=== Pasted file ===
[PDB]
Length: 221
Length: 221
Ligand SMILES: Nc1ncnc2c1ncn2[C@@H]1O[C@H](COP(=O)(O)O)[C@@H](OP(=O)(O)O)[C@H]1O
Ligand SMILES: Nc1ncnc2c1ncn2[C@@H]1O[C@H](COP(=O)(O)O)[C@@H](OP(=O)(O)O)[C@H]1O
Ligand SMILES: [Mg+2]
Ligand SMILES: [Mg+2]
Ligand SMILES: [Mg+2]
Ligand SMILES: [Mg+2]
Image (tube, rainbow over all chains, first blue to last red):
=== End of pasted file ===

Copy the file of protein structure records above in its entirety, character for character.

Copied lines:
[PDB]
Length: 221
Length: 221
Ligand SMILES: Nc1ncnc2c1ncn2[C@@H]1O[C@H](COP(=O)(O)O)[C@@H](OP(=O)(O)O)[C@H]1O
Ligand SMILES: Nc1ncnc2c1ncn2[C@@H]1O[C@H](COP(=O)(O)O)[C@@H](OP(=O)(O)O)[C@H]1O
Ligand SMILES: [Mg+2]
Ligand SMILES: [Mg+2]
Ligand SMILES: [Mg+2]
Ligand SMILES: [Mg+2]
Image (tube, rainbow over all chains, first blue to last red):